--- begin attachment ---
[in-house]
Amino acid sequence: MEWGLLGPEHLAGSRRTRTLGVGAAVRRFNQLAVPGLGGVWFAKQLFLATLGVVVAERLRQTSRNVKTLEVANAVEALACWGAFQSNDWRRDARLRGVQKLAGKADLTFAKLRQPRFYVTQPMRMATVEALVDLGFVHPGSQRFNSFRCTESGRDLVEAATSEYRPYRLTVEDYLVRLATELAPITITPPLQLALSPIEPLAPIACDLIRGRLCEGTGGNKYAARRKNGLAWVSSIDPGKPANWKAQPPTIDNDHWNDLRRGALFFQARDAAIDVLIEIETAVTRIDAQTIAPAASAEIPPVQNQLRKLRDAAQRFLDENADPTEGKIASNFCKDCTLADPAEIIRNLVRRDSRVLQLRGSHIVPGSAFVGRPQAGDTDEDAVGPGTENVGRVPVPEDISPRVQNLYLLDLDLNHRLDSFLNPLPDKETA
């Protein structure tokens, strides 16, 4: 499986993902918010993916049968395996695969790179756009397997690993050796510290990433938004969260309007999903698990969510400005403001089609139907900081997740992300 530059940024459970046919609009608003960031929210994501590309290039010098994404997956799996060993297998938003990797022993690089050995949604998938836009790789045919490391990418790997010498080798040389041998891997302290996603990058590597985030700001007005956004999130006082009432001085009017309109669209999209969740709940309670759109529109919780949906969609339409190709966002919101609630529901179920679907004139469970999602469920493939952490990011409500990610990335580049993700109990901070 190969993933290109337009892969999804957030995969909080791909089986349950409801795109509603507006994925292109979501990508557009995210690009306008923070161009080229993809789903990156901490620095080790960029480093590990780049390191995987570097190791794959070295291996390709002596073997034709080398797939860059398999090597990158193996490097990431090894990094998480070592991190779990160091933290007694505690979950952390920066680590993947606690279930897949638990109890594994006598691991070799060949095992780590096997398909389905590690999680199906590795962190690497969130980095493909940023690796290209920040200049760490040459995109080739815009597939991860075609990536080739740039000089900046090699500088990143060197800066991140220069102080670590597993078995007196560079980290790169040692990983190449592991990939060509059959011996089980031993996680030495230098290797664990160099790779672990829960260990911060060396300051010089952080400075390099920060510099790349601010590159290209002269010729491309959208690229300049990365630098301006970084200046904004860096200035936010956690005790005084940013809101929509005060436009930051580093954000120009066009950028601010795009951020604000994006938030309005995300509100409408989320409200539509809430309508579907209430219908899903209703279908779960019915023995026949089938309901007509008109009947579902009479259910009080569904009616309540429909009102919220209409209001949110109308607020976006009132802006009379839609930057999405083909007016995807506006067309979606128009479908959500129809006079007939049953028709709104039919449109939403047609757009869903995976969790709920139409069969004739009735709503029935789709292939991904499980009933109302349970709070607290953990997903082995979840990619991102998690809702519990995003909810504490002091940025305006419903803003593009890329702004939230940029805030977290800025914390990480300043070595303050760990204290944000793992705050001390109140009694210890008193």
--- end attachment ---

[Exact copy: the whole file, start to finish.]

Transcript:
[in-house]
Amino acid sequence: MEWGLLGPEHLAGSRRTRTLGVGAAVRRFNQLAVPGLGGVWFAKQLFLATLGVVVAERLRQTSRNVKTLEVANAVEALACWGAFQSNDWRRDARLRGVQKLAGKADLTFAKLRQPRFYVTQPMRMATVEALVDLGFVHPGSQRFNSFRCTESGRDLVEAATSEYRPYRLTVEDYLVRLATELAPITITPPLQLALSPIEPLAPIACDLIRGRLCEGTGGNKYAARRKNGLAWVSSIDPGKPANWKAQPPTIDNDHWNDLRRGALFFQARDAAIDVLIEIETAVTRIDAQTIAPAASAEIPPVQNQLRKLRDAAQRFLDENADPTEGKIASNFCKDCTLADPAEIIRNLVRRDSRVLQLRGSHIVPGSAFVGRPQAGDTDEDAVGPGTENVGRVPVPEDISPRVQNLYLLDLDLNHRLDSFLNPLPDKETA
């Protein structure tokens, strides 16, 4: 499986993902918010993916049968395996695969790179756009397997690993050796510290990433938004969260309007999903698990969510400005403001089609139907900081997740992300 530059940024459970046919609009608003960031929210994501590309290039010098994404997956799996060993297998938003990797022993690089050995949604998938836009790789045919490391990418790997010498080798040389041998891997302290996603990058590597985030700001007005956004999130006082009432001085009017309109669209999209969740709940309670759109529109919780949906969609339409190709966002919101609630529901179920679907004139469970999602469920493939952490990011409500990610990335580049993700109990901070 190969993933290109337009892969999804957030995969909080791909089986349950409801795109509603507006994925292109979501990508557009995210690009306008923070161009080229993809789903990156901490620095080790960029480093590990780049390191995987570097190791794959070295291996390709002596073997034709080398797939860059398999090597990158193996490097990431090894990094998480070592991190779990160091933290007694505690979950952390920066680590993947606690279930897949638990109890594994006598691991070799060949095992780590096997398909389905590690999680199906590795962190690497969130980095493909940023690796290209920040200049760490040459995109080739815009597939991860075609990536080739740039000089900046090699500088990143060197800066991140220069102080670590597993078995007196560079980290790169040692990983190449592991990939060509059959011996089980031993996680030495230098290797664990160099790779672990829960260990911060060396300051010089952080400075390099920060510099790349601010590159290209002269010729491309959208690229300049990365630098301006970084200046904004860096200035936010956690005790005084940013809101929509005060436009930051580093954000120009066009950028601010795009951020604000994006938030309005995300509100409408989320409200539509809430309508579907209430219908899903209703279908779960019915023995026949089938309901007509008109009947579902009479259910009080569904009616309540429909009102919220209409209001949110109308607020976006009132802006009379839609930057999405083909007016995807506006067309979606128009479908959500129809006079007939049953028709709104039919449109939403047609757009869903995976969790709920139409069969004739009735709503029935789709292939991904499980009933109302349970709070607290953990997903082995979840990619991102998690809702519990995003909810504490002091940025305006419903803003593009890329702004939230940029805030977290800025914390990480300043070595303050760990204290944000793992705050001390109140009694210890008193």